One Year Out
If you're considering a drastic blonde-to-brunette type change, the time to start that transition is now. The most important thing to consider in choosing a new hair color is your skin tone, followed closely by your eye color. After that, I think it's important to factor in the time of year and your lifestyle. A great risk-free way to experiment with a big change like this would involve either visiting a wig shop or checking out one of the many web sites that offer virtual experimentation by downloading a picture of yourself and checking out how you'll look with various cuts and colors.
Six Months Out
If you're thinking about getting highlights, this is the time to get them. Multi-tonal hair has a way of catching light in photos that solid colors don't always manage to do, which is why highlights can really make for great photos. Sprinkling a few highlights around the frame of your face and the top of your head may help lighten up your complexion and help make your hair look fuller, too. By creating an illusion of depth, highlights often trick the eye into seeing thicker, fuller hair. What's more: The ribbons of color also define the lines of your hairstyle or updo by creating contrasting tones that play off of one another.
Three Months Out
At this point, your focus should be on shiny, healthy hair; a smooth, flat cuticle reflects tons of light. When hair is damaged, essentially what happens is that holes take shape in the cuticle, resulting in a less lustrous head of hair. But, by doing a moisturizing deep conditioning treatment once a week, throughout the three months leading up to your wedding, you can help restore the damaged cuticle.
I also love essential oils to help with cuticle repair. Each oil has its own unique benefits, and you can customize it to fit your personal hair needs. You can even just add a few drops of your favorite oil to your deep conditioner to boost its benefits. My favorite is coconut oil, which penetrates two levels of the hair shaft and has restorative properties. Its benefits last for a couple of days; plus, the scent is reminiscent of a vacation.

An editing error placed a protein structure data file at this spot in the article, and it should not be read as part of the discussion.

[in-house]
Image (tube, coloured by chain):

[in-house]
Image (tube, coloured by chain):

One Month Out
Now's when you want to be careful about product build-up and residue, which will dull hair color and may make it look flat in your wedding photos. A simple and effective clarifying treatment you can do at home is this: Comb a cup of Sea Breeze hair astringent through damp hair, leave on for three to five minutes, then shampoo it out. This will not just pull out any impurities from your hair, it will also unclog hair follicles and remove dead skin cells. Keep in mind that when all of these dulling residues are removed, color molecules and moisture may be stripped out as well, and that's why this should be done prior to your final color touch-up. Always follow any clarifying treatment with a deep conditioning treatment to replace any possible lost moisture.
Seven To Ten Days Before
This is the best time to get your final color done. It's enough time to make any minor adjustments, but it isn't so far out that color will fade or roots will show.
Down To The Wire
Two days before the wedding have a gloss applied. Glosses fill the holes in damaged hair with moisturizing agents and light-reflecting color polymers, while at the same time coating each strand and sealing that shingle-like outer layer. The resulting smooth and flat hair cuticle will make your hair shiny and light-reflective. Shine is essential to picture- perfect bridal color, and the quickest way to boost shine is with a gold gloss. Gold glosses reflect the most light and can be used on all hair colors. But, if you're not a fan of gold tones in your hair, then opt for a clear gloss like the Oscar Blandi At Home Salon Glaze.
There are many effective at-home versions of the in-salon glossing process available on the market today, and while warm tones reflect the most light, there are glosses available in every shade and cool tones as well.
It might seem like a lot of planning to start thinking about hair color a year in advance, but a wedding can't be planned in a week — and neither can your photo-ready 'do. You might consider coming up with a game plan with your colorist once you've set the date. And, if you plan your appointments well in advance, it'll be a fun year of getting your hair looking exactly how you want, rather than a stressful one.
NEXT: Going Blonde? Here's What You Need To Know